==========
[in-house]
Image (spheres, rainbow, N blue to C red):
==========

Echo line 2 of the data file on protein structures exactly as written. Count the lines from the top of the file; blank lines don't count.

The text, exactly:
Image (spheres, rainbow, N blue to C red):